This time of reflection is made that much sharper by having a new one in the house again. There are days when I go step by step by step over each day of my daughter’s life trying to find out what I did wrong so that I can fix it this time around. What I need to focus on is the fact that at every moment, I made the best possible choices with the information I had at the time. Even if she wasn’t active, engaged in the world or remotely political, she would be just fine.

I’m a lot older now. I spun my wheels and Reagan got elected. I spun my wheels some more and Bush The Elder was elected. But, I kept parenting the way I thought I should which seemed to take more and more energy every year. By the time we got around to baby Bush, my wheels hit a deep mud patch. I was knee deep in adolescence.

Back then:
I behaved as if children are innately good human beings who when given the information about the right thing to do will naturally do it. Harumph.

I believed that children should express their emotions fully and be supported and validated in that. Double harumph, rolling of eyes, wincing at memories of four hour temper tantrums.

I thought that we create children who choose to be agents of change by helping them understand that the world is not perfect. Harumph! Hello anxiety created from the introduction of age inappropriate information.

I encouraged my child to be my friend. (The kind of friendship which is one-sided where one person tells the other all their problems and the other one never shares anything.) Harumph-chuckle, our closeness is excellent and beautiful. She tells me everything, but I wouldn’t repeat the teen years with that philosophy.

I trusted that if I insulated her from the outside world during the early years, then she would come to view our beliefs as normal and the dominant culture’s as abnormal. Score! But, the pain of encountering agents of the dominant culture for the first time was awful to watch.

I believed that the family bed and extended nursing creates an unbreakable bond between parent and child. Yippie-skippy! Got that right!

As I grew older, I had to acknowledge some irrefutable facts. Time is finite. Wonder Woman is a cartoon character. Marching on Washington bolsters solidarity and communion with like-minded souls - but it doesn’t make a whole lot of change happen anymore. For a majority of people, faith is a boulder to crawl under to get out of the light.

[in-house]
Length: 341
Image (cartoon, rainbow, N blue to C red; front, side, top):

And finally, the hardest ever realization - I’m a human-being with flaws, shortcomings and greatness all mixed up together like a particularly potent gumbo.

This election, my poor daughter was shocked and dismayed when she brushed against these facts. She had worked so hard and done so much. Fortunately, she still believes she can be an agent of change. And she will be. Youth and idealism are not yet oversized bags that she is ready to put down. She’s swung to the extreme, she tells me she is a radical activist now. (I do not tell her, "Ah yes, I used to be one of those, remember?") I smile knowingly. She smiles knowingly at us silly liberals.

Liberals, we are such a maudlin lot. We float about contemplating issues, invoking compassion and practicing tolerance. We analyze and evaluate. We’re so busy hearing what everybody has to say that by the time it’s our turn to speak, time’s up. Bush gets himself reelected.

So, I’m watching, supporting and nurturing. And yes, I’m proud that she has weathered a particularly challenging moment. But, I wouldn’t presume to take credit for any of it. I would presume to contemplate returning my Self to self.

Thursday, November 04, 2004

Getting Dressed To Face America

Justice rocks the blindfold,
demonstrating how accessories
make the woman. A golden toe ring,
belly ruby and dog collar
adorn her languid nude body.
But the fur-lined wrist restraints
suggest just the right hint of consenting
to play with weighted issues.

Tolerance glitters in a pink formal gown,
one gloved hand outstretched,
the other behind her back.
A princess waistline accentuates
the way largess and abundance
must be properly displayed.

Compassion has donned
a navy blue business suit
with red silk shell. A single strand
of perfectly matched pearls
contrast nicely with red stilettos
and Coach handbag. She tinkles
when she walks, it must be
the chain mail bra.

Hope sports combat gear.
Plain and simple. Straightforward
and uncompromising. Ready
and recalcitrant.

Faith has her own sense of style -
mixing and matching a 1940’s original
haute couture Dior, thrift store go-go boots,
fuchsia rayon scarf with lime and purple flowers,
military surplus hand bag, vintage
rhinestones, 5 gauge black ear plugs,
a simple silver nose ring and a temporary tattoo
of crimson blood leaking from a wounded dove.

I’m still in my tattered forest
green velour bathrobe sharing
coffee, croissants and brie
with Astonishment and Disappointment.